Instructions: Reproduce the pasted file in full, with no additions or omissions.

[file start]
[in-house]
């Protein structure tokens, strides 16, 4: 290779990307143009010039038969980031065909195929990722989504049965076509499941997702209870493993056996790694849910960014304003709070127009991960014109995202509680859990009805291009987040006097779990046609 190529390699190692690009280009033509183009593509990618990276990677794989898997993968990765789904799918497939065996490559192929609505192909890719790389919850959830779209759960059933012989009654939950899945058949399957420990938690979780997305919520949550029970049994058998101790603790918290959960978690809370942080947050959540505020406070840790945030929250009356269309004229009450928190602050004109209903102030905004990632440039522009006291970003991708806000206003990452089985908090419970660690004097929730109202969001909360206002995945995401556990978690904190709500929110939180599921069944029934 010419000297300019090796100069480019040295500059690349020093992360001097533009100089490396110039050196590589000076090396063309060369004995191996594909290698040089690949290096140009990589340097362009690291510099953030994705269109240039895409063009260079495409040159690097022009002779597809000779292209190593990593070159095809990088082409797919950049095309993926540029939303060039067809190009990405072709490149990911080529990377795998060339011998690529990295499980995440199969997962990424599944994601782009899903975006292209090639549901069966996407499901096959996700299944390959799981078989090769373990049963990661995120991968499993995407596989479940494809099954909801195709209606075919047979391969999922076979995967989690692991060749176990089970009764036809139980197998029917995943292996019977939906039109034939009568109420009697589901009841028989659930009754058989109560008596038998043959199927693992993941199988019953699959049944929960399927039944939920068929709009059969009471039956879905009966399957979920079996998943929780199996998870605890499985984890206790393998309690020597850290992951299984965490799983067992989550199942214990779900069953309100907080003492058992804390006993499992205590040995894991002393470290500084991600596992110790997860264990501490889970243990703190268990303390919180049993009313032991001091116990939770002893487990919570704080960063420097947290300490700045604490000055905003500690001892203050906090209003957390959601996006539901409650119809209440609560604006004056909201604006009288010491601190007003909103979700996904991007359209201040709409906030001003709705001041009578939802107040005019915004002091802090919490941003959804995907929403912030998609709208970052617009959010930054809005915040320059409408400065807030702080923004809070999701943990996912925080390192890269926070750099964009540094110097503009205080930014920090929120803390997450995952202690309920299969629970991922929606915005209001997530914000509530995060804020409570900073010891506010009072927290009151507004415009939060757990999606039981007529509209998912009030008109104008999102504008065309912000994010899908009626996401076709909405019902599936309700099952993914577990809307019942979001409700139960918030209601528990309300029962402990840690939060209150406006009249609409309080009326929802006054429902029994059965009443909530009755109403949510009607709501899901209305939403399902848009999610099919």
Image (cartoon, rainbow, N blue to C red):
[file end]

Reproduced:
[in-house]
């Protein structure tokens, strides 16, 4: 290779990307143009010039038969980031065909195929990722989504049965076509499941997702209870493993056996790694849910960014304003709070127009991960014109995202509680859990009805291009987040006097779990046609 190529390699190692690009280009033509183009593509990618990276990677794989898997993968990765789904799918497939065996490559192929609505192909890719790389919850959830779209759960059933012989009654939950899945058949399957420990938690979780997305919520949550029970049994058998101790603790918290959960978690809370942080947050959540505020406070840790945030929250009356269309004229009450928190602050004109209903102030905004990632440039522009006291970003991708806000206003990452089985908090419970660690004097929730109202969001909360206002995945995401556990978690904190709500929110939180599921069944029934 010419000297300019090796100069480019040295500059690349020093992360001097533009100089490396110039050196590589000076090396063309060369004995191996594909290698040089690949290096140009990589340097362009690291510099953030994705269109240039895409063009260079495409040159690097022009002779597809000779292209190593990593070159095809990088082409797919950049095309993926540029939303060039067809190009990405072709490149990911080529990377795998060339011998690529990295499980995440199969997962990424599944994601782009899903975006292209090639549901069966996407499901096959996700299944390959799981078989090769373990049963990661995120991968499993995407596989479940494809099954909801195709209606075919047979391969999922076979995967989690692991060749176990089970009764036809139980197998029917995943292996019977939906039109034939009568109420009697589901009841028989659930009754058989109560008596038998043959199927693992993941199988019953699959049944929960399927039944939920068929709009059969009471039956879905009966399957979920079996998943929780199996998870605890499985984890206790393998309690020597850290992951299984965490799983067992989550199942214990779900069953309100907080003492058992804390006993499992205590040995894991002393470290500084991600596992110790997860264990501490889970243990703190268990303390919180049993009313032991001091116990939770002893487990919570704080960063420097947290300490700045604490000055905003500690001892203050906090209003957390959601996006539901409650119809209440609560604006004056909201604006009288010491601190007003909103979700996904991007359209201040709409906030001003709705001041009578939802107040005019915004002091802090919490941003959804995907929403912030998609709208970052617009959010930054809005915040320059409408400065807030702080923004809070999701943990996912925080390192890269926070750099964009540094110097503009205080930014920090929120803390997450995952202690309920299969629970991922929606915005209001997530914000509530995060804020409570900073010891506010009072927290009151507004415009939060757990999606039981007529509209998912009030008109104008999102504008065309912000994010899908009626996401076709909405019902599936309700099952993914577990809307019942979001409700139960918030209601528990309300029962402990840690939060209150406006009249609409309080009326929802006054429902029994059965009443909530009755109403949510009607709501899901209305939403399902848009999610099919």
Image (cartoon, rainbow, N blue to C red):